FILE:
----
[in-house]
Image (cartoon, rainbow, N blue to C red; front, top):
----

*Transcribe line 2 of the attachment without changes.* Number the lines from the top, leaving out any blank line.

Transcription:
Image (cartoon, rainbow, N blue to C red; front, top):